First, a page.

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SLWAP reviews 2012 successes, discusses green practices for 2013

During the SLWAP annual meeting Dec. 11, a panel of farmers discussed ‘green’ Best Management Practices. From left, Brad Cates, Eric Brayman, Jim Greenfield and Erin Hull discussed soil management, cover crops and pest management.

During the SLWAP annual meeting Dec. 11, a panel of farmers discussed ‘green’ Best Management Practices. From left, Brad Cates, Eric Brayman, Jim Greenfield and Erin Hull discussed soil management, cover crops and pest management. Photo by Jason Emerson.

— It’s been a tough year for local agriculture, but there were still many conservation successes in the Skaneateles Lake watershed area in 2012, attendees of the Skaneateles Lake Watershed Agriculture Program annual meeting were told last week.

About 40 farmers, conservation specialists and officials and a representative from the office of State Senator John A. DeFrancisco attended the meeting Tuesday, Dec. 11, at the Skaneateles Presbyterian Church. The meeting offered not only a year in the review for the SLWAP but also panel discussions on “Green practices to help your bottom line” and a talk on crop insurance from a crop insurance specialist.

“It’s been a really busy year; a challenging year with the economy, the drought and everything in between,” said SLWAP Program Manager Mark Burger.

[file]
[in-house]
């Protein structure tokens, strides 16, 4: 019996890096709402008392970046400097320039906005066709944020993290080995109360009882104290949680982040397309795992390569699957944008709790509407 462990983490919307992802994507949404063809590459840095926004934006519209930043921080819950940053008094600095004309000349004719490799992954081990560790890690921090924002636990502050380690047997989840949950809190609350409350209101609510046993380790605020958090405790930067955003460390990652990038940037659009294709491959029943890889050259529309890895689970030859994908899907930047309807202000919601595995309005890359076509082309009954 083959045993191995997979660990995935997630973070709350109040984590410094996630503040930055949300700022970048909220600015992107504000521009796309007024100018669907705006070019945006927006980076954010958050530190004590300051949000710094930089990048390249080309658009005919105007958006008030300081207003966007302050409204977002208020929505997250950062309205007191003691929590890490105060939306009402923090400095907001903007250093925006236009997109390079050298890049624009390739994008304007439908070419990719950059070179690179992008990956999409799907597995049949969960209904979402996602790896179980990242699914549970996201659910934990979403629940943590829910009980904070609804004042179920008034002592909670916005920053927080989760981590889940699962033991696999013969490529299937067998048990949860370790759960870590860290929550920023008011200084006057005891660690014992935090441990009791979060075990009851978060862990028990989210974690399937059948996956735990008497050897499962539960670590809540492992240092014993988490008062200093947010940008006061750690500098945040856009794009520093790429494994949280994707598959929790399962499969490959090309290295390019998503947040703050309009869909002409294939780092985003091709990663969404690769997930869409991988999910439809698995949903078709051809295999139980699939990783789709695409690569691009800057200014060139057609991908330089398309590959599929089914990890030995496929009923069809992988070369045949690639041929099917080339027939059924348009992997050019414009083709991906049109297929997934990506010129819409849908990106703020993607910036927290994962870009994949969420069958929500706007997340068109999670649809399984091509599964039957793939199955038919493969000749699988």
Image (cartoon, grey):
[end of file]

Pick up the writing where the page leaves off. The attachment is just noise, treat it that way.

The program’s mission is to carry out a cost-effective, innovative program for the farming community that upholds the high drinking water quality standards of Skaneateles Lake. The SLWAP is a cooperative effort between the City of Syracuse, the Soil and Water Conservation Districts and Cornell Cooperative Extension associations of Onondaga, Cortland and Cayuga counties, the USDA Natural Resources Conservation Service, and Skaneateles Lake watershed farmers. Principal funding is provided by the City of Syracuse.

There are 48 farms that participate in the SLWAP, and during 2012 the SLWAP completed 20 Comprehensive Nutrient Management Plan reviews (to evaluate all aspects of farm production and offer conservation practices that help achieve production and natural resource conservation goals) and 40 annual Whole Farm Plan reviews (to evaluate current conditions and practices on the farm, with the development of alternatives for both the business enterprise and water quality protection), Burger said.

The program also implemented numerous Best Management Practices at farms throughout the area for issues such as manure storage, gully erosion, clean rainwater collection, pasture rotation, stream bed and bank stabilization and effective cover crop planting.

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